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In re Certificate of Need Granted to the Harborage

May 2, 1997


On appeal from the Deputy Commissioner of the Department of Health and Senior Services.

Approved for Publication May 6, 1997. As Corrected May 22, 1997.

Before Judges Michels, Muir, Jr., and Coburn. The opinion of the Court was delivered by Michels, P.j.a.d.

The opinion of the court was delivered by: Michels

The opinion of the Court was delivered by


Appellant Bergen Pines County Hospital (Bergen Pines) appeals from a final administrative action of respondent Deputy Commissioner of the Department of Health and Senior Services of the State of New Jersey *fn1 that awarded a Certificate of Need (CON) to respondent The Harborage for the establishment of a thirteen long-term ventilator care bed unit at its facility in North Bergen, Hudson County, New Jersey, and denied Bergen Pines' CON application for a similar thirteen-bed unit at its facility in Paramus, New Jersey.



Pursuant to the Health Care Facilities Planning Act, N.J.S.A. 26:2H-1 et seq. (the Act), and specifically N.J.S.A. 26:2H-7, no health care facility, including a hospital, may construct new facilities or expand an existing one or initiate a new health care service, unless a CON has been applied for by the facility and been granted by the State Commissioner of Health (Commissioner). See also N.J.A.C. 8:33-3.1. *fn2 The award of the CON is governed by N.J.S.A. 26:2H-8, which, in pertinent part, provides:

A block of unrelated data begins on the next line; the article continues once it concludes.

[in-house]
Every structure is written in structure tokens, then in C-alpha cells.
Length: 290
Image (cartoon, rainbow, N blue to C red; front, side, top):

No certificate of need shall be issued unless the action proposed in the application for such certificate is necessary to provide required health care in the area to be served, can be economically accomplished and maintained, will not have an adverse economic or financial impact on the delivery of health care services in the region or Statewide, and will contribute to the orderly development of adequate and effective health care services. In making such determinations there shall be taken into consideration (a) the availability of facilities or services which may serve as alternatives or substitutes, (b) the need for special equipment and services in the area, (c) the possible economies and improvement in services to be anticipated from the operation of joint central services, (d) the adequacy of financial resources and sources of present and future revenues, (e) the availability of sufficient manpower in the several professional disciplines, and (f) such other factors as may be established by regulation. The State Health Plan may also be considered in determining whether to approve a certificate of need application.